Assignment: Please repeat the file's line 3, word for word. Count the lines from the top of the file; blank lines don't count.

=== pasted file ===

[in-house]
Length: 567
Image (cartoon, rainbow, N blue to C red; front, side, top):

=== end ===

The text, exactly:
Image (cartoon, rainbow, N blue to C red; front, side, top):